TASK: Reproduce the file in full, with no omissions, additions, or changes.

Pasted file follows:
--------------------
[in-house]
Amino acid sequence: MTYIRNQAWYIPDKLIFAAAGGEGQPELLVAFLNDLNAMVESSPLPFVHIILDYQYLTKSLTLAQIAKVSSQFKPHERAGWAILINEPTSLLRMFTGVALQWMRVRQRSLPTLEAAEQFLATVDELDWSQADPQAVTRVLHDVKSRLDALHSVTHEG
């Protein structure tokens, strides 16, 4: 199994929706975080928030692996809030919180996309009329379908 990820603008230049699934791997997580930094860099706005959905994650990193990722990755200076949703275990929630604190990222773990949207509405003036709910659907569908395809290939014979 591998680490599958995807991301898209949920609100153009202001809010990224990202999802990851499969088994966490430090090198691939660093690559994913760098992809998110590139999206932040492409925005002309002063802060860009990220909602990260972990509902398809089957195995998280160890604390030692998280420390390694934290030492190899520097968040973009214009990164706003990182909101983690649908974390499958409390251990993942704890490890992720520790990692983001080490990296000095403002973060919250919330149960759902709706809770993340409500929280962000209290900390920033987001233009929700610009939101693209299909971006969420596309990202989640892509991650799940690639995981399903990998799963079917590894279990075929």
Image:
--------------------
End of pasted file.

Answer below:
[in-house]
Amino acid sequence: MTYIRNQAWYIPDKLIFAAAGGEGQPELLVAFLNDLNAMVESSPLPFVHIILDYQYLTKSLTLAQIAKVSSQFKPHERAGWAILINEPTSLLRMFTGVALQWMRVRQRSLPTLEAAEQFLATVDELDWSQADPQAVTRVLHDVKSRLDALHSVTHEG
């Protein structure tokens, strides 16, 4: 199994929706975080928030692996809030919180996309009329379908 990820603008230049699934791997997580930094860099706005959905994650990193990722990755200076949703275990929630604190990222773990949207509405003036709910659907569908395809290939014979 591998680490599958995807991301898209949920609100153009202001809010990224990202999802990851499969088994966490430090090198691939660093690559994913760098992809998110590139999206932040492409925005002309002063802060860009990220909602990260972990509902398809089957195995998280160890604390030692998280420390390694934290030492190899520097968040973009214009990164706003990182909101983690649908974390499958409390251990993942704890490890992720520790990692983001080490990296000095403002973060919250919330149960759902709706809770993340409500929280962000209290900390920033987001233009929700610009939101693209299909971006969420596309990202989640892509991650799940690639995981399903990998799963079917590894279990075929």
Image: